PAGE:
67. Each portion of matter may be conceived as like a garden full of plants and like a pond full of fishes. But each branch of every plant, each member of every animal, each drop of its liquid parts is also some such garden or pond.
69. Thus there is nothing fallow, nothing sterile, nothing dead in the universe, no chaos, no confusion save in appearance,…
G.W. Leibniz, Monadology, 1714
The photograph is of an Octocoral, a soft coral magnified, taken last week in Sydney. This winter in the water I’ve found myself fixated on the relations between scales, on micro-structure and macro-structure, and the smallest animals I can see.
A philosopher with unusual views about the relations between micro and macro was G.W. Leibniz, one of the central “rationalist” thinkers of the 17th and 18th centuries. As in the quote above, Leibniz said that all of matter is comprised of tiny animate parts, a hierarchy of organisms within organisms, stretching down to the infinitely small. I was reminded of Leibniz by the scene below. Here’s another coral-like organism, a Zoanthid colony:
The colony, as also in the case of the Octocorals, is made up of many semi-autonomous animals, polyps. They look like this, with a cluster of tentacles surrounding a mouth:
In the water I saw the tiny silver stripe across part of the colony in the center of the longer-range Zoanthid photo above, but had no idea what it was. I made sure I took some shots that covered the striped area, so I could zoom in and look more closely at it on land. Here’s what I saw:
The stripe seems to be the remains of a fish, a tiny fish, being slowly consumed by the colony of Zoanthids. If you look closely you can see what look like a pair of jaws remaining on the far right. There are indeed invisible fish around us, and organisms within organisms, as in the zoanthid, even if Leibniz’s version of this view was fanciful and the fates of the fishes are not to be envied.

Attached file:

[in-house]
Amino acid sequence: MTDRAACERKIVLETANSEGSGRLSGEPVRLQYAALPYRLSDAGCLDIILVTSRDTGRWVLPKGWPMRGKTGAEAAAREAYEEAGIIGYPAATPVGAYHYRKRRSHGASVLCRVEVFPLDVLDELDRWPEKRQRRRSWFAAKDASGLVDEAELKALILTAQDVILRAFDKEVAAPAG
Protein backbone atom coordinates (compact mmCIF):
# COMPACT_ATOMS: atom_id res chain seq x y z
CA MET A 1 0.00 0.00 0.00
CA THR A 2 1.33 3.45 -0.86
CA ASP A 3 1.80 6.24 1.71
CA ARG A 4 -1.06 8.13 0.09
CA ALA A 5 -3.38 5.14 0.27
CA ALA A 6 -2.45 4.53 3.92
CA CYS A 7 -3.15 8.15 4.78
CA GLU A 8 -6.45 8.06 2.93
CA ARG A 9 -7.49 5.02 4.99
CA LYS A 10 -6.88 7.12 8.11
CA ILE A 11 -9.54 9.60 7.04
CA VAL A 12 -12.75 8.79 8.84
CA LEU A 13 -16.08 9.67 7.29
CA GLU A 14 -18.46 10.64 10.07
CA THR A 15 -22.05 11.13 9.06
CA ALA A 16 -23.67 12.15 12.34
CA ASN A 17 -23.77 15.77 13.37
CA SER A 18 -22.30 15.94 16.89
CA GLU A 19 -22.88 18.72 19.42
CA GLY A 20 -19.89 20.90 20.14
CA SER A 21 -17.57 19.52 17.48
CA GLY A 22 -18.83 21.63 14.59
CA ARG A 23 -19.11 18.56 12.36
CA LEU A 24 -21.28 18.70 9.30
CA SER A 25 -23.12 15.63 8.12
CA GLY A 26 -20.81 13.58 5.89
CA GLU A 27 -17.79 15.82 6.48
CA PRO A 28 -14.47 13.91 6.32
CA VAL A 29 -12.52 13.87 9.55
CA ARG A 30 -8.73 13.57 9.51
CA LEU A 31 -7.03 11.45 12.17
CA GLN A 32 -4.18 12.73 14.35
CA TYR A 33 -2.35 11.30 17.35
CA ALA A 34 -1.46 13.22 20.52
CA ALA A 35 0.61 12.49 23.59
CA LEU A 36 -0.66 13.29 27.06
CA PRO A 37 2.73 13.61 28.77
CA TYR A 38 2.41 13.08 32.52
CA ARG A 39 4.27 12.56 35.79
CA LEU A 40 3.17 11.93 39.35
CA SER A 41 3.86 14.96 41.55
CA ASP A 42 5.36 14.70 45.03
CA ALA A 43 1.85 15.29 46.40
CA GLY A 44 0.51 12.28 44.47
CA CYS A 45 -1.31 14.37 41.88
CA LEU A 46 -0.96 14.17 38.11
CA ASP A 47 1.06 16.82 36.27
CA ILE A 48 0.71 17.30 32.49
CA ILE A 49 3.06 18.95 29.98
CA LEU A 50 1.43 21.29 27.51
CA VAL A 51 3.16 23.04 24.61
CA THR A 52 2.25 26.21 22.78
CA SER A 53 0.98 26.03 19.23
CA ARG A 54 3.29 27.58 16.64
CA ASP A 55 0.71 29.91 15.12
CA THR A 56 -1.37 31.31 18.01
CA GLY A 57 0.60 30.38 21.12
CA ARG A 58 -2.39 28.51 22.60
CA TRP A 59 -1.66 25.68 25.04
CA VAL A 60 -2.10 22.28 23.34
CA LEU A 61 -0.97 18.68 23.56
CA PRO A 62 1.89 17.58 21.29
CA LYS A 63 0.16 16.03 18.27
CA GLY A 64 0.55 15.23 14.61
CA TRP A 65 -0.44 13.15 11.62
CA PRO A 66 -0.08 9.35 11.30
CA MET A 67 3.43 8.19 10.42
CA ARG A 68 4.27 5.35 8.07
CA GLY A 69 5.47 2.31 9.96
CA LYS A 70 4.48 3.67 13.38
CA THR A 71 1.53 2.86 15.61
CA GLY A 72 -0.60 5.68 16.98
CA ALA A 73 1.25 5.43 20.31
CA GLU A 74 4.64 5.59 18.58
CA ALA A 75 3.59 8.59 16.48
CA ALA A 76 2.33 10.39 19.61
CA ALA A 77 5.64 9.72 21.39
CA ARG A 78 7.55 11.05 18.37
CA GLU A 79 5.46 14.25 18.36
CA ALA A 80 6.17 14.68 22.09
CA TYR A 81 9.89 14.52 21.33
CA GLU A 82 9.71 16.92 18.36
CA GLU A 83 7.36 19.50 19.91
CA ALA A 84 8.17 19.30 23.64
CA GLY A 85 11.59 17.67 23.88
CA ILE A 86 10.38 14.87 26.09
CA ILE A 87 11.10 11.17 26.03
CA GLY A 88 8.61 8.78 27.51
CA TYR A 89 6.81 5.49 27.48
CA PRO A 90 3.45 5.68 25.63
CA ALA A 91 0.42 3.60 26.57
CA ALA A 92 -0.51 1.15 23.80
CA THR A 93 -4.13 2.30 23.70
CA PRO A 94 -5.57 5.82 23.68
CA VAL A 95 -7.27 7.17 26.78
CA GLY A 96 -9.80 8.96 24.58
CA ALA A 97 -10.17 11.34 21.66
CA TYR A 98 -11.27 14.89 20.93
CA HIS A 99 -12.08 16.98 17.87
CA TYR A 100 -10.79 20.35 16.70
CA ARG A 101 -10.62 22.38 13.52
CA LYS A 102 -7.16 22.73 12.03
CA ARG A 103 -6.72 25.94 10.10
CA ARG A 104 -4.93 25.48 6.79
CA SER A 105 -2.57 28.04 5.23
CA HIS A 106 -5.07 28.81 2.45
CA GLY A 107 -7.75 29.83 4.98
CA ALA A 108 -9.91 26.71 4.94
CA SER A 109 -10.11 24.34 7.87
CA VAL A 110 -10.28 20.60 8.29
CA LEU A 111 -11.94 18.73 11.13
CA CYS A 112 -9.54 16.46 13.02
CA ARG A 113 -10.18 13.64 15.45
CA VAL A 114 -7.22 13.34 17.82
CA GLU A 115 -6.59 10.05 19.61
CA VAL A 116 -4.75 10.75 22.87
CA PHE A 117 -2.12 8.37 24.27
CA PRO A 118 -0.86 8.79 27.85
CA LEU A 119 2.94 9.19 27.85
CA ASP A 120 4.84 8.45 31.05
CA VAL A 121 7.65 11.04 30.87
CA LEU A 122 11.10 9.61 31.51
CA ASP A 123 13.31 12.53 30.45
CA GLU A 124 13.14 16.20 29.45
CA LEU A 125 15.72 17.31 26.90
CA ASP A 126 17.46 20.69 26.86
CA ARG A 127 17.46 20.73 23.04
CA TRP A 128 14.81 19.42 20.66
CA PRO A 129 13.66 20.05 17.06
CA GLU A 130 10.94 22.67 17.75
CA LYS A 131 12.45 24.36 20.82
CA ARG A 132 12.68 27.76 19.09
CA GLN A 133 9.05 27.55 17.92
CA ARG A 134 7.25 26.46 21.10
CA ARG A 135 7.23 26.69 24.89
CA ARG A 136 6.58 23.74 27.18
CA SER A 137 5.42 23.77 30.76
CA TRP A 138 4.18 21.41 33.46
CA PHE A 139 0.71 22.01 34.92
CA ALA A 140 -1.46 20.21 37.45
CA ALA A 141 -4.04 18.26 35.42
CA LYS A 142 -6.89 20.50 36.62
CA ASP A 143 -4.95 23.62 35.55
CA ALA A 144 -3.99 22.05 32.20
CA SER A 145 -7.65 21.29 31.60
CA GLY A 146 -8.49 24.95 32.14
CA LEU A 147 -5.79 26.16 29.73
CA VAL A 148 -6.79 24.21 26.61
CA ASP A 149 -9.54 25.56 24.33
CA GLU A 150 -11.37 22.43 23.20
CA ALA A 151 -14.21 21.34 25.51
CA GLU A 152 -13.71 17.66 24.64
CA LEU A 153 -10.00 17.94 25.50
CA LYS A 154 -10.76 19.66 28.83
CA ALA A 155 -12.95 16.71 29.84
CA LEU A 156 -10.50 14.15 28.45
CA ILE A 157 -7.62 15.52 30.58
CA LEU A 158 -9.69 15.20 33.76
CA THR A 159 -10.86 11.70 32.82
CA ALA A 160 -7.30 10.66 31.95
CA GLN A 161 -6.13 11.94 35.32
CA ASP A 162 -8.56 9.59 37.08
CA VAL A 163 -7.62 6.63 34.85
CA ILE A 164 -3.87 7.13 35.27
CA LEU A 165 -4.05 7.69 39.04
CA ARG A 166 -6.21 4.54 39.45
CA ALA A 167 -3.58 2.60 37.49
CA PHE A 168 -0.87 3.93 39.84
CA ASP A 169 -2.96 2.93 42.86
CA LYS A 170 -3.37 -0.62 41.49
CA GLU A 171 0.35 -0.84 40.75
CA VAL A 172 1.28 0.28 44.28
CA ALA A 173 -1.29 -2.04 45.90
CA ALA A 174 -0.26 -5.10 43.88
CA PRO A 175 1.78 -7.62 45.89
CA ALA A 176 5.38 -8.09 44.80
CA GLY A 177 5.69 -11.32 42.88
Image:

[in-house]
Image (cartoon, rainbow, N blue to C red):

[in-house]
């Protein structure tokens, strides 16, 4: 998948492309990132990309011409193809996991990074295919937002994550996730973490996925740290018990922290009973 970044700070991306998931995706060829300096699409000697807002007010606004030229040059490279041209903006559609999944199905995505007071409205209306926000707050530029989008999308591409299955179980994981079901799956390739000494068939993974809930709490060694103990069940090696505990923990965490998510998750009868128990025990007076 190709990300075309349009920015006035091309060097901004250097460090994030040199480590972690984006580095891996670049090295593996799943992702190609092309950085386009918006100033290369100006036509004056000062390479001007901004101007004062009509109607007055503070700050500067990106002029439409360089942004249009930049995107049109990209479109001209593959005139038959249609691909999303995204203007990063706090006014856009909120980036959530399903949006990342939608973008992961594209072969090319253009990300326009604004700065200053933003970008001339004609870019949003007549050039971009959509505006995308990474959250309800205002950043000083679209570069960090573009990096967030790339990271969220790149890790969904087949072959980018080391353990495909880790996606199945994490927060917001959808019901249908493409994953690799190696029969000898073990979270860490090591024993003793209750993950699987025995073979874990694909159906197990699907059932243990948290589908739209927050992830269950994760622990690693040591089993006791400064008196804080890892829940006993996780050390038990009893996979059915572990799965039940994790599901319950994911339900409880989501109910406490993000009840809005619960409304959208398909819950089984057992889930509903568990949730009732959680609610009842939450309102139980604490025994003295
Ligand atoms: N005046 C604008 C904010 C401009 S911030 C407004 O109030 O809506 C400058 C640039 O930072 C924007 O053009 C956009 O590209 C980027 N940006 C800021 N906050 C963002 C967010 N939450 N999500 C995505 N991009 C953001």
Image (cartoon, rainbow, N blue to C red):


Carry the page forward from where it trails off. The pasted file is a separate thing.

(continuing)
Why did Leibniz believe a view like this? Philosophers have usually seen Leibniz as someone who reached all his conclusions, including these very strange ones, by pure reasoning about how things have to be. Leibniz did, however, also live around the time of the first published microscopic observations of the world, by Robert Hooke in England and Antonie van Leeuwenhoek in Holland (whose images were published from his letters to the Royal Society). For someone struggling, as I am, for the first time with magnifying lenses under water, it was interesting to learn that a new interpretation of Leibniz’s thought has been developed, by Justin Smith, which emphasizes the influence of these early microscopic observations, especially those of Leeuwenhoek, who Leibniz knew and visited. Smith thinks that Leibniz’s “worlds-within-worlds doctrine… was inspired by microscopy from the very beginning.” My former colleague Jeff McDonough has written a review of Smith’s book which is more cautious on this point; McDonough thinks that even if microscopes played some role, Leibniz was committed to general positions that had the peculiar idea of endless plants and fishes as a natural conclusion. How is that possible? Well, Leibniz thought that he could show that matter must be divided infinitely into parts, and also that the basic entities in the world must be organic and unified, not mere chunks of dead stuff. So all matter comprises tiny organism-like parts. Perhaps the microscope then added, for Leibniz, the details of their form, a form of ponds and plants and fishes.
Thanks to Derek Skillings for help with zoanthid biology.
The final image is from a letter from Leeuwenhoek to the Royal Society of London, 25 December 1702.